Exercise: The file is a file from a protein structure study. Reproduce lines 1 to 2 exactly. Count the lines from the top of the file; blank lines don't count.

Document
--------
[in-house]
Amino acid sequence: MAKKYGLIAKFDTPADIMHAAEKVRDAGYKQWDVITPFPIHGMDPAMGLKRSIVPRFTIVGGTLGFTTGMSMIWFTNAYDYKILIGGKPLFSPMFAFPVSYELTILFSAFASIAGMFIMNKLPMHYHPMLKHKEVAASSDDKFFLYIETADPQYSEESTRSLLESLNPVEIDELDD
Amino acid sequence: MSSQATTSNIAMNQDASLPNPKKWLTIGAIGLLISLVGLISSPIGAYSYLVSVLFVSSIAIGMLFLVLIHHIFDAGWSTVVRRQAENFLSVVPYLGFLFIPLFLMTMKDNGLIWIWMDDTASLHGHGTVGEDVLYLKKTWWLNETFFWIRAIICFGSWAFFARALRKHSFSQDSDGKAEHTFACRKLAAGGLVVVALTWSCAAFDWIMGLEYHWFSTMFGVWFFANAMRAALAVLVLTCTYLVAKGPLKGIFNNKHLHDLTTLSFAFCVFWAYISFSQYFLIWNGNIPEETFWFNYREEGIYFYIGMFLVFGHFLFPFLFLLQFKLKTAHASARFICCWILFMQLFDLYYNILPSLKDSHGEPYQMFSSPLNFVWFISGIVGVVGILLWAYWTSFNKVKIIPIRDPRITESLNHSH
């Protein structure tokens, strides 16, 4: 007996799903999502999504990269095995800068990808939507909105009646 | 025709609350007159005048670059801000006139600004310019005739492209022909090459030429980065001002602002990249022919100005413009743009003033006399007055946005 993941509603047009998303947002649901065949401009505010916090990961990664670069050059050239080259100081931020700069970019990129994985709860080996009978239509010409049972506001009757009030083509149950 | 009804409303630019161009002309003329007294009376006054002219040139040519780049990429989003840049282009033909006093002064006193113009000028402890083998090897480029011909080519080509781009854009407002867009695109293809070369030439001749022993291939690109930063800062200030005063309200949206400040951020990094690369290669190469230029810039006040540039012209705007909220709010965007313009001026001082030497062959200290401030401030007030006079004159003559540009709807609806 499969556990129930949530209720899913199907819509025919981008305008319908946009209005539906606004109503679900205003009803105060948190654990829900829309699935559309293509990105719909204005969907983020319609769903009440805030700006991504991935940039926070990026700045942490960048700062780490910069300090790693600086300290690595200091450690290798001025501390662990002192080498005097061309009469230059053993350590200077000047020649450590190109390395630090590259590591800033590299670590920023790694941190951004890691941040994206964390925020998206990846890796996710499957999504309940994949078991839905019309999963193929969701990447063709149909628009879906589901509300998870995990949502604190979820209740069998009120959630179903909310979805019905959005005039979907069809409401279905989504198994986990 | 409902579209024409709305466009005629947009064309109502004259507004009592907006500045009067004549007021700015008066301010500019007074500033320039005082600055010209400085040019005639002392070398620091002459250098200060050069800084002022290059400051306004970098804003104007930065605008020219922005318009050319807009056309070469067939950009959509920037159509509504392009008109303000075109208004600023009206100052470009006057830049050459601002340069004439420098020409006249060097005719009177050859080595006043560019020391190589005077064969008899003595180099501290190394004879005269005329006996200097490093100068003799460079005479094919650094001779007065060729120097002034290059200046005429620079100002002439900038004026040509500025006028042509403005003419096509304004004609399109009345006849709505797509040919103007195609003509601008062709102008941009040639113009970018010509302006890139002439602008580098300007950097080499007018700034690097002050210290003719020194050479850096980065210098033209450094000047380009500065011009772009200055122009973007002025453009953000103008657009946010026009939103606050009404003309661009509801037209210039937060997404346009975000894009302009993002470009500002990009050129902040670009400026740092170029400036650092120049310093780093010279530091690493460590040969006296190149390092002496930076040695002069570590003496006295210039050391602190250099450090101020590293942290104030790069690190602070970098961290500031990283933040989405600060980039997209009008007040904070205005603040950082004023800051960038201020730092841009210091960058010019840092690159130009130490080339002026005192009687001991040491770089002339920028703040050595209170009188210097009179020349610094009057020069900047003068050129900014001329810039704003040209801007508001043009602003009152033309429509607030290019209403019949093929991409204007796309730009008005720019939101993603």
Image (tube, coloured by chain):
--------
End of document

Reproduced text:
[in-house]
Amino acid sequence: MAKKYGLIAKFDTPADIMHAAEKVRDAGYKQWDVITPFPIHGMDPAMGLKRSIVPRFTIVGGTLGFTTGMSMIWFTNAYDYKILIGGKPLFSPMFAFPVSYELTILFSAFASIAGMFIMNKLPMHYHPMLKHKEVAASSDDKFFLYIETADPQYSEESTRSLLESLNPVEIDELDD